Ida B. Wells, A Passion for Justice: Wells was a household name in Black America during much of her lifetime (1863-1931) and was considered the equal of her well-known African American contemporaries. Joins excerpts from Wells’s memoirs (read by Toni Morrison) and interviews with scholars with teeming visuals. Kanopy.

The Tobacconist: 17-year-old Franz moves to Vienna to apprentice at a tobacco shop. There he meets Sigmund Freud, a regular customer. When he falls desperately in love with Anezka, he seeks advice from the renowned psychoanalyst, who admits that the female sex is as big a mystery to him, too. Symphony Space Thalia Film.

You Never Had It, An Evening with Charles Bukowski: A long night of smoking cigarettes and drinking wine with Bukowski and his soon to be wife, Linda Lee Beighle, talking about all kinds of subjects Symphony Space Thalia Film.

Becoming the Song: Profiles the openly gay Hong Kong singer and human rights activist Denise Ho and explores her remarkable journey from commercial Cantopop superstar to outspoken political activist. Symphony Space Thalia Film.

Want to watch some fly b-ball? Check out the New York Liberty on ESPN2 and other networks through August. See also the new threads, repped by Kia Nurse and Sabrina Ionescu.

SPORT

New York Mets:

v. Florida Marlins, 7-8 August, 7pm; 9 August, 1pm

v. Washington Nationals: 10-12 August, 7pm; 13 August, 1pm

v. New York Yankees: 21-22 August, 7pm; 23 August, 1pm

v. Florida Marlins: 25-27 August, 7pm

See Ticket policies.

WNBA New York Liberty (all games played in Bradenton, Florida; broadcast on CBS Sports Network, YES):

v. Washington Mystics, 7 August, 7pm

v. Las Vegas Aces: 9 August, 3pm

v. Los Angeles Sparks: 11 August, 6pm

v. Indiana Fever: 13 August, 6pm

v. Minnesota Lynx: 15 August, 6pm

v. Seattle Storm: 18 August, 9pm

v. Chicago Sky: 20 August, 7pm

v. Connecticut Sun: 22 August, 7pm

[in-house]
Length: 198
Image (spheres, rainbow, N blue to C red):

v. Chicago Sky: 25 August, 7pm

v. Dallas Wings: 27 August, 8pm

v. Las Vegas Aces: 29 August, 4pm

Former champs Andy Murray, Kim Clijsters headline 2020 US Open singles wild cards.

2020 US Open: Past US Open champions Kim Clijsters and Andy Murray received wild-card invitations for the Grand Slam to be held in a tennis “bubble” sans spectators. Other players include:

Women: Simona Halep, of Romania, a two-time Grand Slam champion; No. 3 Karolina Pliskova, of the Czech Republic; No. 4 Sofia Kenin, of the United States, the 2020 Australian Open champion; No. 5 Elina Svitolina, of Ukraine; No. 6 Bianca Andreescu, of Canada, the defending US Open women’s singles champion; and No. 9 Serena Williams, of the United States, a six-time US Open and 23-time Grand Slam champion.

Men: Novak Djokovic, a three-time US Open champion; No. 3 Dominic Thiem, of Austria; No. 5 Daniil Medvedev, of Russia, a 2019 US Open finalist; No. 6 Stefanos Tsitsipas, of Greece; No. 7 Alexander Zverev, of Germany; No. 8 Matteo Berrettini, of Italy; and No. 10 David Goffin, of Belgium.

31 August to Sept. 13 at the USTA Billie Jean King National Tennis Center in Flushing, N.Y.

NY*Confidential What's On

The Governor's Island/Vacation Edition

Greetings, NY*Confidants!

First up, Governors Island, one of New York City’s favorite summertime spots, reopens on 15 July (!) from 10am to 7pm every day (!!). Only one hitch: advance tickets must be purchased for the ferries to allow for social distancing on the island. That said, Governors Island will open The Hills, Hammock Grove and the Urban Farm, as well as 2019 art installations including Shantell Martin’s The May Room inside the military chapel and Rachel Whiteread’s Cabin, a permanent installation. Citi Bike and Blazing Saddles are offering bike rentals, pedal cars, surreys and scooters. No glamping, though. If you are not wanting to venture out quite yet, MoMA has put together some art-making activities for you and yours.